© 2023 KVPR | Valley Public Radio - White Ash Broadcasting, Inc. :: 89.3 Fresno / 89.1 Bakersfield
NPR For Central California
Play Live Radio
Next Up:
0:00
0:00
Available On Air Stations

Democratic VP Candidate Kamala Harris Tours Wildfire Area With Governor Newsom

IMG_0318.jpeg
Alex Hall
/
KQED
Governor Gavin Newsom and Democratic VP Nomine Kamala Harris assesing the damage from the Creek Fire.

The Democratic Vice Presidential nominee Kamala Harris met with service personnel for an assessment of the wildfires on a visit to Fresno Tuesday.  

 

Through smoked-filled skies, Harris arrived at the Fresno Yosemite International Airport at 11 a.m. Her first stop: Pine Ridge School in the eastern Fresno County foothills town of Auberry.

 

The California Senator met Governor Gavin Newsom at the elementary school at 12 p.m. where they were briefed by Sierra National Forest Supervisor Dean Gould on the Creek Fire’s spread. Cal Fire Unit Chief Mark Johnson and Fresno County Supervisor Nathan Magsig, whose district is largely affected by the fire, were also there to explain the  local response to the fire. 

 

With a melted playground behind them, Harris spoke about the connection between environmental justice, public health, the economy and the climate crisis. 

 

“The governor and I have visited these scenes too many times,” she said. “Sadly these wildfires and the devastation they cause are utterly predictable.” 

 

She said that this should not be a partisan issue. 

 

“Look at seniors. Look at children who cannot, throughout California right now, because of the smoke, leave their homes,” Harris said amid falling ashes. “This is a public health crisis, the climate crisis.”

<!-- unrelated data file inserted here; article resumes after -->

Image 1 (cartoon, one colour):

Newsom and Harris then made their way to Clovis North High School which has served as an evacuation center for Fresno County residents since the start of the fires. There, Linda Duchene, the deputy director of Fresno County’s Department of Social Services, explained the services being provided at the center. 

 

In an emotional moment, a Red Cross volunteer, helping with outreach to Spanish-speakers affected by the fire, shared with Harris why she spends 15 hour days volunteering.

 

“I am from Venezuela so I know the necessities and now is my time to give back to this country,” Mary Bastos said. “So [working with] American Red Cross is my way to give back.” 

 

Harris thanked Bastos and the other volunteers for their contributions. 

 

“I know you're helping people you've never met before, people you may never meet again, people who may never know your name,” she said. “And you're doing so much to take care of them and lift them up.”

 

Over 40,000 people have had to evacuate from their homes. As of Tuesday morning, the Creek Fire had burned over 220,000 acres in 11 days making it the 12th largest fire in California’s history, according to Cal Fire.The blaze has destroyed 555 structures, including dozens of homes.

 

Before heading back to the airport, Harris and Newsom made an unexpected stop at Fresno Fire Station Number 11 to bring boxes of brown paper bags filled with tri-tip sandwiches and fries to firefighters. Outside of the fire station, 30 demonstrators held Trump flags. 

 

“What’s causing these fires is bad forest management,” demonstrator Melanie Koons said. “Loggers should have been working 24/7, 365 days to get those trees out.”

 

Koons said she doesn't think climate change plays that big of a factor in the increased amount of fires ravaging California’s forests. 

 

But Harris said science tells us otherwise. 

 

“It is incumbent on us, in terms of the leadership of our nation, to take seriously the extreme changes in our climate.” Harris said. “And do the work of ensuring that we mitigate the damage that extreme climate has caused.”

 

Shortly after, Harris headed off to the airport, where she took off around 3:30 p.m. 

Madi Bolanos covered immigration and underserved communities for KVPR from 2020-2022. Before joining the station, she interned for POLITCO in Washington D.C. where she reported on US trade and agriculture as well as indigenous women’s issues during the Canadian election. She earned a bachelor’s degree in journalism with a minor in anthropology from San Francisco State University. Madi spent a semester studying at the Danish Media and Journalism School where she covered EU policies in Brussels and alleged police brutality at the Croatian-Serbian border.
Related Content